Kennedy Torch

Kennedy Torch

Dear Mr. Perfect

Thumbnail+photo+used+in+Ashton+Nanke%27s+short+film+%22Dear+Mr.+Perfect.%22
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Dear Mr. Perfect

Thumbnail photo used in Ashton Nanke's short film

Thumbnail photo used in Ashton Nanke's short film "Dear Mr. Perfect."

Ashton Nanke

Thumbnail photo used in Ashton Nanke's short film "Dear Mr. Perfect."

Ashton Nanke

Ashton Nanke

Thumbnail photo used in Ashton Nanke's short film "Dear Mr. Perfect."

Olivia Riley-Schmelzer, Writer

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Aspiring film maker Ashton Nanke, junior at Kennedy High School, released his newest short film “Dear Mr. Perfect” on Monday, Feb. 4. Originally created as a submission for large group speech, this piece was inspired by situations Nanke has both seen and experienced.

“It started off as me writing something random based off of multiple scenarios and different things I’ve heard that have happened or have experienced myself.” Nanke said, “Just like the main character, I wrote the words “Dear Mr. Perfect” on a piece of paper and just let my pencil fly. After that, I knew I wanted to create it.”

Written, directed, shot and edited by Nanke himself, it took six two-hour filming sessions as well as a large portion of his personal time to complete editing. The result is a five-minute story about the main character Andrew Hall, played by sophomore Josh Horne, who notices another student being harassed by the alleged “Mr. Perfect,” Neil Miller, played by junior Jaxon Steichen.  As a solution, Andrew decides to fight back by exposing Neil and revealing his identity online, a choice which he later regrets.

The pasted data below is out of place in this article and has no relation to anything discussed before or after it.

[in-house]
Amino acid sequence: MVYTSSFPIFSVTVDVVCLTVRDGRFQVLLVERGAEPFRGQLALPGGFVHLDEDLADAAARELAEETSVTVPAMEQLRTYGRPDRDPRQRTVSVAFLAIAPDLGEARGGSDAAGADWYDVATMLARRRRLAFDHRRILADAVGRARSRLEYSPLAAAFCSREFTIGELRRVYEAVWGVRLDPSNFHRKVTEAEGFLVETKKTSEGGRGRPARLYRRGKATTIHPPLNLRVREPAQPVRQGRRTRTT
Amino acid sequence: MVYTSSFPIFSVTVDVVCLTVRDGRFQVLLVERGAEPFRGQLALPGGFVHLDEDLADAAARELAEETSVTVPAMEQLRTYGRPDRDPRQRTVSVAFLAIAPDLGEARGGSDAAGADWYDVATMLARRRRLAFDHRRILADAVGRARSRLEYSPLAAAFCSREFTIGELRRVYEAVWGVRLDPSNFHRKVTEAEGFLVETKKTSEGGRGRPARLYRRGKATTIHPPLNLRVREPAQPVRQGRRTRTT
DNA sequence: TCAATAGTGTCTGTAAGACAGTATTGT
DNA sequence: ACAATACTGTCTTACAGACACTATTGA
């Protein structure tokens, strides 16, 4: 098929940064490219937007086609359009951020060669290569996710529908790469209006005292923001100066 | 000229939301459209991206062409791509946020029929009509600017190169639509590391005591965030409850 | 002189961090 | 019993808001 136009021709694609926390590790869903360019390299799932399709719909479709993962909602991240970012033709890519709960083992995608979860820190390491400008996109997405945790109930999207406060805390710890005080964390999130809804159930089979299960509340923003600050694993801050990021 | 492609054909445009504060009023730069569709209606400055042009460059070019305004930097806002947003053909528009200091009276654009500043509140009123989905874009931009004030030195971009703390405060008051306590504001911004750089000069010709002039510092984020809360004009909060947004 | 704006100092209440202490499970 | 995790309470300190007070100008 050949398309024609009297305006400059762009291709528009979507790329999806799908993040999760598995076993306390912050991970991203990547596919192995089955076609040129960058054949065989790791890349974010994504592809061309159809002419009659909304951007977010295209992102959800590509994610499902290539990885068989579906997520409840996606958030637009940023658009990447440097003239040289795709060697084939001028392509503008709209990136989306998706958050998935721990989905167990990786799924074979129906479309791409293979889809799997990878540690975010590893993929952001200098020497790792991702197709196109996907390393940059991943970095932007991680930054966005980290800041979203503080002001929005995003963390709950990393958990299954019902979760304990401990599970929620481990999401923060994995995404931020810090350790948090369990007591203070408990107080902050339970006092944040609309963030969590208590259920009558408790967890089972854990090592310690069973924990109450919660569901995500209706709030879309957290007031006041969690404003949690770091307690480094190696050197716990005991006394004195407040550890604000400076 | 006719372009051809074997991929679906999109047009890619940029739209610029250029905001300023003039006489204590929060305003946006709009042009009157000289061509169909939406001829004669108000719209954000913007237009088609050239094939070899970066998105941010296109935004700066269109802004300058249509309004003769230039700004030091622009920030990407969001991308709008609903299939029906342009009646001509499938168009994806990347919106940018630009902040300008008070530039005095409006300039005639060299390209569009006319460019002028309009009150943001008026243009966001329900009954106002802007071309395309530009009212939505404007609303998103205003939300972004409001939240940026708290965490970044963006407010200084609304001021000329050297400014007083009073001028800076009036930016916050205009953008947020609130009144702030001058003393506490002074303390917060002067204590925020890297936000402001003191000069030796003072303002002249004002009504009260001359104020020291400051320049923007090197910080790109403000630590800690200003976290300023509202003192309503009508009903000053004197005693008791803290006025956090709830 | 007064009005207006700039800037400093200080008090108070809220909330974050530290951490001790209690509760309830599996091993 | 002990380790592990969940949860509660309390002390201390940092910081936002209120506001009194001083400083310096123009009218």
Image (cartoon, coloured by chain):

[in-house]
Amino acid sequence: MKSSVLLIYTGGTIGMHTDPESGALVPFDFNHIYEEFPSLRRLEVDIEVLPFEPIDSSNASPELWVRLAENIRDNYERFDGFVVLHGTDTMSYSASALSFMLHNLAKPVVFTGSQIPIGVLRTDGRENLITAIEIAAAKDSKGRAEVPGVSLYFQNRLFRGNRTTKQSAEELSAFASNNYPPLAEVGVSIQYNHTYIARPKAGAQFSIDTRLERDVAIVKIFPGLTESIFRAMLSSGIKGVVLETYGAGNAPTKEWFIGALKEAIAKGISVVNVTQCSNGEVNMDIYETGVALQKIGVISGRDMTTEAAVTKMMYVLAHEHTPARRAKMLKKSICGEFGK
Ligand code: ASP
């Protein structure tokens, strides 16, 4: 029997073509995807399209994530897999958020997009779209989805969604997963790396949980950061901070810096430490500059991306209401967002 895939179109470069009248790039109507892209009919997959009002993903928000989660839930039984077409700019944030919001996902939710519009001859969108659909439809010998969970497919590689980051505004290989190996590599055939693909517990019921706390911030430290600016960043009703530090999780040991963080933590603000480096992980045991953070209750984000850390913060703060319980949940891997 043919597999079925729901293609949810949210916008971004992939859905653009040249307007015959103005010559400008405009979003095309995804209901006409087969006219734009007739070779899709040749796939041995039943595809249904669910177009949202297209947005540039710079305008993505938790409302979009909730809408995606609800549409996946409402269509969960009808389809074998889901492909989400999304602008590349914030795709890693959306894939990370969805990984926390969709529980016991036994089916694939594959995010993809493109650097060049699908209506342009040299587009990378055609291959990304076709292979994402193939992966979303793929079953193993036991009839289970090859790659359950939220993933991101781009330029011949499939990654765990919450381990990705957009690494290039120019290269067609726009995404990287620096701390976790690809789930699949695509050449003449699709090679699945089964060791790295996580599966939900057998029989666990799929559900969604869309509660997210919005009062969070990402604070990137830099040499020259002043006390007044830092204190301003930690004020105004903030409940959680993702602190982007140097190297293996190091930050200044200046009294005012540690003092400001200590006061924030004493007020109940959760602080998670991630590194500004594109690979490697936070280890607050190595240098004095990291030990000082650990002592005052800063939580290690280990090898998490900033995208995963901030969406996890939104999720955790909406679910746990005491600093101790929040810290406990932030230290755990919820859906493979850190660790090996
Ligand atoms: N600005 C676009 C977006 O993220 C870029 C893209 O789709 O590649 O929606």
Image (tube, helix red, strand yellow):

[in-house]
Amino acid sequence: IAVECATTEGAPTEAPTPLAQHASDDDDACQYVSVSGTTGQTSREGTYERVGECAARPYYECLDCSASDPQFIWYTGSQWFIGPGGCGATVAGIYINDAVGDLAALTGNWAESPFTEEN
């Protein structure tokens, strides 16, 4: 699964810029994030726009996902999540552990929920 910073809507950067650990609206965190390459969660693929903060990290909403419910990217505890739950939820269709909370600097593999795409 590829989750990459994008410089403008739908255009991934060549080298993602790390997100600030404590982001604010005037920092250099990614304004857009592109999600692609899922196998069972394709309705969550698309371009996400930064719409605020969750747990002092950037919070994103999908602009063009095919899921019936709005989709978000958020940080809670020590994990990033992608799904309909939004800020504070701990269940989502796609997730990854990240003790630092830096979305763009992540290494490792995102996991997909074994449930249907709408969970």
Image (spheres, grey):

Although the cyberbullying aspect was not originally planned as part of the film, Nanke chose to address it from an alternate angle, coming from someone who thought they were doing the right thing, protecting the victim, Hope Carter, played by senior Zoe Baum.

“I believe that confrontation of a bully is necessary, though fighting fire with fire and becoming the thing you originally hated is the wrong move entirely,” Nanke said.

In the film, the main character expresses his dislike towards people who put others down, yet his act of exposing Mr. Perfect put himself on the same level.

“The message of the film is that you should stay true to your beliefs and not just care about the accolades or popularity it brings you. In the end of the film, I really wanted people to question whether or not Andrew was the ‘good guy’ or not, considering what he did,” Nanke said.

 

 

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Olivia Riley-Schmelzer, Writer

Hi, I'm Olivia Riley-Schmelzer and I am a sophomore at Kennedy High School. This is my first year being apart of  Torch and I'm very excited. I am currently...

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